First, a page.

This week, I re-read the novel manuscript I’ve been working on for two years in what is my final significant revision before I send it out (fingers crossed) into the publishing world. I’ll probably sweep through it for typos and discontinuities, again, but I’ve gotten to the point where I’m equally blind to many of its strengths and weaknesses.
There are chapters toward the end that I’ve read, in full, perhaps five or seven times. There are the parts in the middle I’ve read ten to twenty times. And there are parts in the beginning I’ve read well over a hundred times. The book’s first third is likely to be the most problematic: memorized beyond recognition, calcified almost beyond re-molding. Though I did manage to recently write a new prologue and cut about a third from chapter one, which had become as overfamiliar as my own face in the mirror. That was difficult, but liberating. Like getting a new haircut after years of the same old style. (Wait, my ears have freckles?) The more we re-read our own manuscripts, the blinder we become, and the more wedded to certain chapters, dialogues, images, sentences—those very “darlings” we are told we should be ready to kill. Instead of being provisional—as all writing should be, as long as possible—certain pieces come to seem essential, part of the novel’s very DNA. They rarely are.
Reading good literature is the most important preparation for becoming a writer, but the one thing reading does not prepare us for at all is understanding that every book could have been written endless different ways, many of them quite successfully. We have trouble imagining Anna Karenina without that first line about all happy families being alike, or Pride and Predudice without that first line about a “truth universally acknowledged,” but that’s only because we don’t know what other openings Tolstoy and Jane Austen were pondering. Famous, beloved books give us an erroneously Calvinist view of literature: that it’s predetermined. The act of writing teaches us something more exciting: that there are parallel universes out there, in which even great books could have been created with different choices of POV, setting, chronology. (Did you know Fitzgerald first planned to set Gatsby in the late 1800s?)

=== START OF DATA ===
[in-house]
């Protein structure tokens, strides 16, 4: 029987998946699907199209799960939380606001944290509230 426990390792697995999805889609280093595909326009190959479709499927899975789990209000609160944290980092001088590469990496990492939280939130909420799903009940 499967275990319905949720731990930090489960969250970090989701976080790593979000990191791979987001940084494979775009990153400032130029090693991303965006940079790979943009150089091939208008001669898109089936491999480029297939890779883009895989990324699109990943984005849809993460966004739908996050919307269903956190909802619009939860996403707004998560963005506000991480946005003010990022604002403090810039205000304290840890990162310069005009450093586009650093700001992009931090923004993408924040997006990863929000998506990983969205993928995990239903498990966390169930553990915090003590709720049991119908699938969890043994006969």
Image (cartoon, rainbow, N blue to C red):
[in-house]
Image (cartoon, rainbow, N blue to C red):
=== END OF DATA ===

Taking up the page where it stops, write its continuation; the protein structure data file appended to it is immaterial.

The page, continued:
Whenever you’re writing the opening of a new work, it feels horribly shaky—not real at all. You wish for that fated, comfortable feeling: that the characters are behaving just as they should be, that the novel could begin no other way. But I’m starting to think that the mark of an experienced writer is not her ability to banish those shaky feelings, but to live at relative peace with them for as long as possible. To extend that provisional/makeshift state of mind for months, even years, and in extreme cases, even past the point of publication.
Consider the case of Louise Erdrich. In 2010, she told the Paris Review that she was rewriting an earlier published novel, The Antelope Wife. She now considers the ending "too self-consciously poetic, maybe sentimental." She says, "I wouldn’t end it that way now. I am engaged these days in rewriting The Antelope Wife substantially—I always had a feeling it began well and got hijacked.” (Wouldn't it be incredible to hear our favorite authors lecture about what parts of their already-published books they would change now, if they could? )
How can we fight the blinders and retain a conditional perspective about our ongoing drafts? Here’s a list of possibilities, including many tricks I try while revising any novel.
- Set aside the manuscript for several months before another complete re-read, hopefully one that can be done continuously, in one to three days. (Seem obvious? I've met aspiring novelists who have never read their own manuscripts, start to finish.)
- Read on a different device (Kindle instead of laptop, for example—this is one of my favorite tricks).
- Do a complete printout if you’ve been reading only on screens (I get one printed double-sided and bound at my local copy shop). Or, if you have no fear of carpel tunnel syndrome (and this I have never done): retype the entire thing into a clean draft.
- Read in a different place: on a trip instead of at home, in a café or on a couch instead of at one’s usual work desk.
- Change the font or format. Colum McCann puts his manuscript into tiny font, forcing himself to squint and wonder what each sentence is doing there, exactly. I re-format manuscripts to look more like published book pages, to judge the pacing better. Sometimes I’ll read the first five or ten pages of several unfamiliar new novels (thanks, free Kindle samples) in rapid succession then turn to my opening, tricking my brain into thinking I’m reading something authored by someone else.
- Perhaps the sneakiest trick of all is to send the book away to a friend or peer. The moment that it’s out of your hands, you may realize exactly what’s wrong with any manuscript. (The emails fly: “Never mind that draft; I’ll send another!”)
It takes a special reader, mentor, or editor to understand that a manuscript is only one version, perhaps a barely recognizable version, of what a final book could end up being. The desire to see things as they appear now—and not as they might one day be—is the dilemma that confounds us all.
Do you have your own trick for fighting the blinders and maintaining a provisional mindset toward multiple drafts and ongoing revisions? Share here.
Andromeda Romano-Lax is the author of The Spanish Bow and The Detour. She is a co-founder of 49 Writers and teaches in the UAA MFA low-residency creative writing program. She is also a book coach with a special interest in revision, narrative structure, and the lifelong development of the writer. Contact her at firstname.lastname@example.org for more info on her book coaching services.